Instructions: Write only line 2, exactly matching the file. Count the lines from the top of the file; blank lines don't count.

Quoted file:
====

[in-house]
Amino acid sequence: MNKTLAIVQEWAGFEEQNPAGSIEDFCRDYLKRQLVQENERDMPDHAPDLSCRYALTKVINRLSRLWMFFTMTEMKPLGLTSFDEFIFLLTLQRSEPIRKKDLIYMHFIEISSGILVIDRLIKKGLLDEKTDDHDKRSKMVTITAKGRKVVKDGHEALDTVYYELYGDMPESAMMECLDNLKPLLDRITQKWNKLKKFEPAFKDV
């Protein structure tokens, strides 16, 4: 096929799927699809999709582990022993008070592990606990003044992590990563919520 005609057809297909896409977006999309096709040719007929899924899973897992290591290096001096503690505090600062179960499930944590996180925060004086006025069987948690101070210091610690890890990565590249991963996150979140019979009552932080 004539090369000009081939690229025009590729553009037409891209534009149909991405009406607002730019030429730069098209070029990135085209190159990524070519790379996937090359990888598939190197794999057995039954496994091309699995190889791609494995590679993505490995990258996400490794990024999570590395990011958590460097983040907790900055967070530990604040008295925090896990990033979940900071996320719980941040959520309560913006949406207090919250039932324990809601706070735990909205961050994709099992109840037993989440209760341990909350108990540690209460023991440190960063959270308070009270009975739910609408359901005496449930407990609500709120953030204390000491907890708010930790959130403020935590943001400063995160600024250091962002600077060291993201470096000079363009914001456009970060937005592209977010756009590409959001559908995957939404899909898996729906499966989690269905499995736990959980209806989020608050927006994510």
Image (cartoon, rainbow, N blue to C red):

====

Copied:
Amino acid sequence: MNKTLAIVQEWAGFEEQNPAGSIEDFCRDYLKRQLVQENERDMPDHAPDLSCRYALTKVINRLSRLWMFFTMTEMKPLGLTSFDEFIFLLTLQRSEPIRKKDLIYMHFIEISSGILVIDRLIKKGLLDEKTDDHDKRSKMVTITAKGRKVVKDGHEALDTVYYELYGDMPESAMMECLDNLKPLLDRITQKWNKLKKFEPAFKDV